and not if it was simply held by workers (Shu”t Igros Moshe, Yoreh Deah 2:13).
Rav Moshe makes no mention of any of the other concerns about this shechitah,
such as the possibility that the gentile may move the animal into the shechitah
or about tzaar baalei chayim.

“Nevertheless, this method of shechitah
was very popular in the United States even among some of the most responsible hechsherim.
When I was involved in examining shechitos, back in the 1980’s, most shechitos
that I saw were still shechitah teluyah.

“As the animals’ advocacy
organizations became stronger and plant procedures came under the scrutiny of
the general public, shechitah teluyah became less popular and was
replaced with shechitah in a pen. Although the pen would certainly
resolve Rav Moshe’s concern that the head must be secured during the shechitah,
it may have created its own issues.”

At this point Yankel interrupted
the Rav’s monologue: “What do you mean by shechitah in a pen?”

“I have seen many such pens, each one with a slightly
variant design. The basic idea is that the entire animal, especially its head,
is secured by a pen operated either by electricity or through hydraulic power,
which holds the animal securely during the shechitah. This appliance makes
the shechitah very safe for the shocheit, and he has plenty of
time in which to perform the shechitah and to check afterwards that it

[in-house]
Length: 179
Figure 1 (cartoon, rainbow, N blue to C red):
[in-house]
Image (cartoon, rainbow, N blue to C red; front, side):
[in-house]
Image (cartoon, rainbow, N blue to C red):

was performed correctly. In the United States, this became the standard method
for most shechitos, but it is unusual to find such a shechitah in
Europe, in Eretz Yisroel, or in those in South America that shecht
for a chareidi market.

“Why do they not use this method
in Europe?”

Again the Rav perused his
well-stocked bookshelves and produced a sefer Yankel had never seen

“In 1988, a movement was afoot in
England to require that all animals be shechted only while standing in a
pen. However, there was fierce opposition to requiring all Anglo-Jewish hechsherim
to shecht with this device. This volume, Bishvilei Hashechitah,
by an English shocheit named Rabbi Simcha Bunim Lieberman, includes an
essay that cites many reasons to oppose the change.

“1. The shocheit has to shecht
upwards. This is a highly technical halacha, but there are authorities
who contend that it is prohibited to shecht upwards, predominantly out
of concern that this might cause the shocheit to press rather than slice
while he is shechting, violating the Torah rule of drasah.

“2. A shocheit who is shechting
in a manner to which he is accustomed should not suddenly be required to shecht
in a different way, foreign to his experience.

“3. The greatest concern was that
since these devices are usually custom made, it is possible that the mechanical
force used to control the animal’s head may be so strong that it renders the
animal tereifah, before the shechitah takes place. The contention
was that such a device should not be used, without first seeing whether the
animal appears physically unharmed, and, ideally, the animal should be checked
carefully afterwards.”

Yankel asked Rav Posek if he was
familiar with the particular hechsher that Miriam had seen in the
neighbor’s house.

“Although I have not been in that shechitah
recently, I was there once many years ago. I cannot say that I was that happy
with the operation. The shochatim and bodakim all needed to work
quickly to keep pace with the speed of the assembly line production. I found it
difficult to imagine that they could do their jobs properly in the time
allowed. As I recall, I even mentioned this to the rav hamachshir, who
responded that he hires exclusively competent personnel who are up to the task.
I left very unsatisfied.”

“What would you tell our neighbor?”

“If she seems to be the type of